With the suffix or prefix indicating the year a car had been first registered, the new plates issued each August became quite a status symbol. It also had the effect of helping to determine a vehicle's re-sale value. As a result of these factors, people considering buying a car in June or July would wait until August so that they could have the new letter to display to their neighbours. For the car industry, this created problems with peak sales being confined to one month of the year, rather than spread evenly throughout. To counteract this, new plates started to be issued every six months in March and September.
'S' plates were used on cars registered in September 1998 with 'T' plates being issued in March 1999 and the system continuing through to 'Y' March 2001.
From September 2001, the order of letters and numbers became XX99 XXX. In a return to area coding, the first two letters identify where the car was registered, the numbers represent the date of registration and the final three letters are random.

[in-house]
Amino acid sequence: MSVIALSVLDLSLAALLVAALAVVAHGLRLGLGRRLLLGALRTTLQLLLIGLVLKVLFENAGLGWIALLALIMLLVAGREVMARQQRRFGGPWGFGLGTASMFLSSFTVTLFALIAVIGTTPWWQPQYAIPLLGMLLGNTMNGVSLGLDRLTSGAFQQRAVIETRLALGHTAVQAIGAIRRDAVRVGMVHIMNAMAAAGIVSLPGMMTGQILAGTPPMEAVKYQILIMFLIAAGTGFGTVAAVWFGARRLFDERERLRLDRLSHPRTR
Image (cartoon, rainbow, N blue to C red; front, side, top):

Personalised Number Plates
During the 1980s decade of rampant greed and ostentation, personalised plates became desirable status symbols. Owning a plate with your name on it (C1LLA or J1MMY for example) was considered to be the height of street cred. People try to form words using the most bizarre combinations; for example using an 8 or 3 as an E almost works, but a 7 for an A - no chance. Bad luck M7RK N.
The market for personalised plates has now reached a stage where the vehicle licensing authorities run a computer program before each registration period. This program identifies plates that may have significance to people and they are not issued as part of the normal registration procedure. Periodically auctioned, individuals and businesses will pay thousands of pounds for them.
Not all combinations of letters and numbers are issued on registration plates. Ones that can be arranged to form objectionable words are retained by the authorities.
In addition to a registration plate, many cars also display a small oval-shaped sticker containing two letters indicating their country of origin, eg GB - Great Britain. Since March 2001, it has become legally permissible for vehicle owners to use a number plate that has the European Union flag followed by the two-letter country identifier on the left side, preceding the actual registration number.